advantage.  Or Reyes could have kicked in the 1-ball, but had no
shot at all on the 2-ball.  Luck works both ways, and I think that
is what you have to say to yourself in these situations, whether you
are blessed or cursed on that particular shot.

The other important thing is that the next time you get back to the
table, you can't let your opponent's good roll affect how you play.  
You have to simply acknowledge that your opponent got lucky, and
then get your game firing on all cylinders when you get back to the
table.

$.02 -Ron Shepard

 
 
 

US Open 9-Ball Championship: Efren Reyes v Schmidt

Post by bk42.. » Tue, 06 Apr 2010 18:07:46



Quote:
> In article


> > But the question is, how would you feel if you played the great 2-rail
> > kick safety that John Schmidt did, and then your opponent "slop-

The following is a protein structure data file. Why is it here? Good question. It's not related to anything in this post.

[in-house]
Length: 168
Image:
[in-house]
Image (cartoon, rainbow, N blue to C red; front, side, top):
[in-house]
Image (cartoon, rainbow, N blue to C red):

> > kicked" in the 1-ball and ran out?

> The way you have to feel about it is that your opponent was the one
> who got the lucky break that time. ?When you have these kinds of
> safety battles, especially between two good players like this, the
> outcome almost always depends on one of the players getting a lucky
> roll. ?In this case it was pocketing the ball and ending up with an
> easy jump shot on the 2-ball (as if any jump shot is really easy,
> right?). ?Maybe instead of getting lucky and making the kick shot,
> the cue ball could have frozen to a cluster, or some other
> unexpected thing like that happens, to give Reyes some other kind of
> advantage. ?Or Reyes could have kicked in the 1-ball, but had no
> shot at all on the 2-ball. ?Luck works both ways, and I think that
> is what you have to say to yourself in these situations, whether you
> are blessed or cursed on that particular shot.

> The other important thing is that the next time you get back to the